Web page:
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Franklin S. Dyrness Chair in Biblical and Theological Studies Lecture

The Inaugural Dyrness Lecture on March 30, 2020 is cancelled due to COVID-19. Please check back for a later rescheduled date.

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Lecture Series

The Franklin S. Dyrness Chair in Biblical and Theological Studies was established in 1987. 

200 Dyrness lecture seriesFranklin S. Dyrness

Franklin S. Dyrness graduated from Wheaton College in 1927, where he was a member of the Scholastic Honors Society. In 1960 Dyrness received an honorary doctorate (D.D.) from his alma mater. On the 60th anniversary of his graduation from Wheaton, the Quarryville Presbyterian Home and the College contributed funds to establish the Franklin S. Dyrness Chair of Biblical Studies at Wheaton College.

 

2020 Lecture

"The Bible for Refugees: The Reformed Tradition and the Sacralization of the Vernacular Bible, 16th-17th century"

Jennifer Powell McNutt, Ph.D., Fr.Hist.S.
Franklin S. Dyrness Associate Professor in Biblical and Theological Studies

March 30, 2020, 7:00 p.m., Blanchard Hall 339
Reception to follow

In the field of Reformation studies and in popular understanding, it has long been accepted that the most identifiable contribution of the Protestant Reformation to the reform of church and society was the Bible in common languages. Today, this narrative is increasingly questioned by scholars who emphasize the presence of vernacular Bibles in the medieval church before the Reformation. Such work has generated a dramatic paradigm shift within Reformation studies that challenges established understandings of the Bible’s history during the Reformation with implications for evaluating the Reformation legacy today. So, what was significant about the vernacular Bible during the Reformation?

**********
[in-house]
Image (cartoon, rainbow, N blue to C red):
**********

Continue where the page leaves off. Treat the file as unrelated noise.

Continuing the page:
This lecture will offer a nuanced response to the current historiographical landscape by focusing on the link forged between the vernacular Bible and Reformed Protestants driven into exile as religious refugees. John Calvin’s Geneva provides a compelling window into the way in which vernacular Bible translation, publication, and transmission became the primary theological expression of the religious refugee mission to advance Protestant reform throughout Europe. In that context, the vernacular Bible project came to embody the very symbol of resistance among marginalized Protestants from John Calvin to the Westminster Confession of Faith (1643).

This lecture will tell the story of how the Reformed tradition contributed to the sacralizing of the form, status, and function of the vernacular Bible by (1) tracing the significance of the replacement of medieval relics with Bibles during the Reformation; (2) highlighting the adoption of humanist philology as key to the re-evaluation of the function and authority of vernacular language in the early modern church and society. Furthermore, the controversial advancement of vernacular languages in the realms of theology, politics, and Christian worship will give insight into how common languages were intentionally elevated in their function and authority during the Reformation. In the end, the Bible in common languages was promoted as a theological and pastoral necessity for reforming the church. By exploring this story, we have the opportunity to deepen our understanding of the significance of the vernacular Bible during the Reformation as well as to reflect on the legacy and impact of vernacular Bibles in our own lives and in our church traditions today.

200x300Rev. Dr. Jennifer Powell McNutt

The Rev. Dr. Jennifer Powell McNutt started teaching on the Theology faculty at Wheaton College in 2008. For over a decade, she coordinated the M.A. program in History of Christianity and then Theology before her appointment as Franklin S. Dyrness Associate Professor in Biblical and Theological Studies in 2019. She is a native of Los Angeles, CA, the daughter of The Rev. Drs. John and Pamela Powell, and the wife of The Rev. Dr. David McNutt. Dr. McNutt received her B.A. in Religious Studies with a concentration in Biblical Languages from Westmont College (2000) and her Master of Divinity from Princeton Theological Seminary (2008). She graduated with her Ph.D. in History from the University of St. Andrews (Reformation Studies Institute).

Dr. McNutt is an ordained, Teaching Elder in the Presbyterian Church (U.S.A.) and serves as a Parish Associate at First Presbyterian Church of Glen Ellyn. She is Fellow with the Center for Pastor Theologians. She and her husband have three children (Priscilla, Geneva, and Finnegan) and enjoy serving the church together through their ministry corporation, McNuttshell Ministries.

See Rev. Dr. McNutt's faculty profile